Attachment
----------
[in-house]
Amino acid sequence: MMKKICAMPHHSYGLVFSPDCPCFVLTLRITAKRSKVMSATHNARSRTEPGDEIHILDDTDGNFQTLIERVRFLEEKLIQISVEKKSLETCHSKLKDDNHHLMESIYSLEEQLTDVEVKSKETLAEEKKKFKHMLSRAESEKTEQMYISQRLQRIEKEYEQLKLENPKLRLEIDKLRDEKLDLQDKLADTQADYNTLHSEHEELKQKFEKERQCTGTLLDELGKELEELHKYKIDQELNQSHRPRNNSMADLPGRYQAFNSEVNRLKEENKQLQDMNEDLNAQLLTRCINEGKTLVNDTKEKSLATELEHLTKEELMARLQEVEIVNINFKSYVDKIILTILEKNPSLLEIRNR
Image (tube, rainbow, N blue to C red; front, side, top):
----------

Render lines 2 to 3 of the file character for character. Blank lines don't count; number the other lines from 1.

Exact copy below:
Amino acid sequence: MMKKICAMPHHSYGLVFSPDCPCFVLTLRITAKRSKVMSATHNARSRTEPGDEIHILDDTDGNFQTLIERVRFLEEKLIQISVEKKSLETCHSKLKDDNHHLMESIYSLEEQLTDVEVKSKETLAEEKKKFKHMLSRAESEKTEQMYISQRLQRIEKEYEQLKLENPKLRLEIDKLRDEKLDLQDKLADTQADYNTLHSEHEELKQKFEKERQCTGTLLDELGKELEELHKYKIDQELNQSHRPRNNSMADLPGRYQAFNSEVNRLKEENKQLQDMNEDLNAQLLTRCINEGKTLVNDTKEKSLATELEHLTKEELMARLQEVEIVNINFKSYVDKIILTILEKNPSLLEIRNR
Image (tube, rainbow, N blue to C red; front, side, top):